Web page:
You can often find this Bodum on sale at Starbucks or Target or Amazon for $20 or less, so keep an eye out. It’s a beautiful shape on its own; the mouth is wide enough to get a brush down in there and clean the thing out; the filter has never let us down and rinses quickly.
You can make 2 huge mugs of coffee in this or 4 small “after dinner” dainty cups of coffee. It holds 1 liter below the collar.
We use the Krups F203 pictured here, but there are many affordable electric grinders available at multiple stores. Heck, wait till Bed Bath & Beyond sends you one of their incessant 20% off coupons through the mail and go pick one out. Check site reviews first. Our little Krups has performed consistently well for us.
Again, there are a million of these. Read the reviews, use a coupon, wait for an Amazon sale — whatever. We have a B&D model that we like, but anything that boils water quickly will do. Stovetop teakettles are perfectly fine, though it takes longer to boil the water than with an electric kettle, and the electric models have an auto-shutoff that prevents you from worrying you’ll burn the house down.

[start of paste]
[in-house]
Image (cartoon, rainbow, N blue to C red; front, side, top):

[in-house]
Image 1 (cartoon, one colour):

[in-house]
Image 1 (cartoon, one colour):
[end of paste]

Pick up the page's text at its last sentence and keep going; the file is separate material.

Look, this costs $4. Buy a brush; it’ll make your life easier and keep your grinder clean. This one is easy to wash with a little dish soap and water once a week; good as new.
“But what if….”
This looks like work. Why should I buy into this method?
Look. Are you still eating ramen noodles out of a foam container or Kraft Shells & Cheez? If you answered No, then grow up and make better coffee. It’s not hard and it doesn’t take more than 5 minutes. You waste 5 minutes trying to find your keys.
This looks like a hipster conspiracy.
I know, and I don’t disagree. But if you were a true hipster, you’d be using a Chemex and one of those swan-necked teapots and s l o w l y pouring water over a paper cone filter using only organic locally roasted beans ground by a $200 burr grinder by a Brandon in a beard. Go to your hipster hangout to get that. What I’m suggesting is pouring water over fresh grounds yourself instead of letting some sad machine do it for you and murder all the flavor in the process.
No, really, this is too much.
For goodness sake, buy a French press then! Throw grounds in the bottom, pour boiling water in, wander off (maybe tell Alexa to set a 4 minute timer). Come back, plunge, drink. IS THAT STILL TOO HARD?
But I need to make coffee for a small army!
Buy two French presses or Bodums then? Your tea kettle can likely boil 2 quarts, so mass production simply requires twice as much coffee (two batches of grounds) and two vessels. On a busy morning or hectic dinner party, I’d probably go with 1 or 2 of the big French presses instead. Grind, pour, walk away.
I really like my Keurig.